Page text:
Several times each week — or upon news of a turtle coming to shore (sometimes even at the resort itself) — Pemberton and a band of devoted volunteers, many of them kids, head to the beaches of Nevis to watch for the creatures, some of whom receive passage to the Four Seasons.
THERE ARE GENERALLY two types of turtles that nest in Nevis: the leatherback and the hawksbill.
Internationally, both are considered “critically endangered,” according to David Godfrey, the executive director of the Sea Turtle Conservancy, which is based in Gainesville, Fla.
“It’s for different reasons,” he says of their status. “But because they’re in such bad shape, what is done by Nevisians and people in St Kitts to safeguard their habitat and to limit human impact on these species is very important to their survival.”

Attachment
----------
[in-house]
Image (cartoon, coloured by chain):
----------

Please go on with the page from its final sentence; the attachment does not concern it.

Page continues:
It’s not always leatherbacks and hawksbills, however. Neve, another recent visitor to Nevis, was the first-ever green sea turtle tagged on the island last month.
“We have a very dedicated group of volunteers on both islands, and they volunteer their time, monitor the beaches and are assessing what’s happening with the population, basically doing biological field research,” he says.
What the last few years have found is that the overall trend is slightly down in the twin-island federation.
“We’re losing the numbers of hawksbills and probably leatherbacks as well,” he says.
As for leatherbacks, while some eggs are still taken from beaches, their decline is due in larger part to the species’ susceptibility to commercial fisheries.
FOR HAWKSBILLS like Pinney, it’s another story.
“What’s happening here, is that they’re very vulnerable, both in the water and on land,” he says. “When they come to nest, they’re sort of sitting ducks, and people in these islands for generations have eaten hawksbill and have harvested this turtle for their shells, despite laws outlawing their taking from the beach while they’re nesting.”